Riverdale Recaps: When a Stranger Calls

by thethreepennyguignol

Hey, now this is more like it!

After last week’s Veronica-heavy, slightly dismal outing, Riverdale is storming back with a brilliant, spooky, slippery episode that might as well have been made for me. On to the review!

Alright, so first and foremost, When A Stranger Calls features one of the best performances this show has yet drawn from Lili Reinhart as Betty; she’s head and shoulders above the rest of the teen cast but here, as she is forced to push away everyone in her life and isolate herself on the orders of an apparent serial killer on the other end of the line, she’s bloody excellent. With Riverdale dealing so much in high camp sometimes I can forget that there is a lot of pretty shifty acting going on (Cole Sprouse and Camila Mendes being the worst culprits) but this was just some solid, devastating work from Reinhart and I can’t wait to see what she’ll use her fame from Riverdale to springboard off into, career-wise.


I don’t want to be a dick, but Cole Sprouse does look kind of ridiculous in this outfit. 

It’s her story, too, that allows the show to explore the notion of true within lies, which is perhaps one of the more interesting episode themes they’ve pounced on since the start of their run – Betty is made to drive away those around her, and starts with Veronica. Now, there were any number of ways Betty could have chosen to drive a wedge between her and her apparent best friend, but she goes right for the jugular, accusing Veronica of being a vapid, narcissistic party girl who treats Riverdale and it’s inhabitants as a convenience rather than as real friends; we might know that Betty’s motivations for this savage monologue aren’t entirely malicious, but it’s obvious that she believes a lot of what she’s saying.


Cheryl’s liquid lipstick game cured my acne

Later, Betty gets Archie to break up with Jughead for her – she specifies that he shouldn’t be cruel and should leave room for them to get back together, but instead Archie tears the shit out of him, pointing out the social gaps between him and Betty and implying they should never have gotten together in the first place, reflecting a deep-seated cynicism Archie clearly holds over their relationship. For a show that’s normally this broad, using these sequences to explore the unspoken resentments that always bubble between teens in a small town like Riverdale is a surprisingly incisive, and lends some edge to plots that were getting a little too soft. It’s good, well-written TV, and it gives KJ Apa maybe his best bit of acting of the show to date. Which isn’t saying a lot considering Skeet Ulrich acted him of the screen last season, but you know.


It goes without saying that this was another just beautifully directed episode.

This episode also takes on a rape plotline, which feels prescient given all that’s going on in the world right now: I have to admit, I was filled with dread when I realized that’s what they were doing because I just wasn’t sure Riverdale could carry a plot with this much real-world weight, but they managed to hold it together. Cheryl is drugged by an old friend of Veronica’s, who proceeds to whisk her away to a bedroom with the intention of raping her; luckily, before he can get down to it, Veronica and the rest of the Pussycats (who are, yes, still part of this show, despite what the last few episodes might imply) appear to pull him off and kick the bollocks off of him which I have to admit is wildly satisfying. Riverdale is unrealistic, sure, but at least this episode it was unrealistic in the “a probable serial rapist finally gets his violent comeuppance” kind of way.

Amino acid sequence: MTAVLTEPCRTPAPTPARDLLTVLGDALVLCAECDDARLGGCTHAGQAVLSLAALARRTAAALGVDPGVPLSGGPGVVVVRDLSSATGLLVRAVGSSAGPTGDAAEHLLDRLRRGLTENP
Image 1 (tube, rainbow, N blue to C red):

I’m kind of annoyed they’re dropping another ton of trauma on Cheryl’s head when they’ve done so little to explore the effects of last season’s horrors on her, but I get that balancing her “super fun messy bitch” persona with “young woman recovers from various violent traumas” is probably a tough act for a show like Riverdale, so I’ll let it slide for now. The rape storyline feels timely and yes, it might be cheesy, but I find something comforting deep in my soul to see a group of women supporting one of their midst who has been assaulted, especially when one of those women puts the would-be rapist up as a candidate for violent murder. Call me a softy.


Elsewhere, Jughead has finally decided to join the Serpents in a plot that is struggling to keep itself upright; even Cole Sprouse getting the crap knocked out of him to the strains of Out Tonight from Rent (yes, I know Rent is extremely problematic, but damn if I don’t still know all the words to all the songs and love each and every one like it’s my child) can’t save it, and Jughead and Topaz getting together mere hours after he was second-hand chucked by Betty feels thin. Maybe this plot just needs more Skeet Ulrich. Now there’s a sentence I never thought I’d type in anything but jest.

There’s plenty more Peak Riverdale in this episode; Madchen Amick sweeping into an event she wasn’t invited to in a ridiculous becaped mini-jumpsuit, the killer drawing direct paralells between themselves and Betty, lots of straight-faced references to jingle-jangles. Like all great Riverdale outings, When a Stranger Calls was overstuffed, brimming with so much good that you just don’t have time to notice the faultier subplots. The best Riverdale can do is to overwhelm you with the good and hope you forget about the bad – and right now, I’m more than happy to sit back and let them take the lead.

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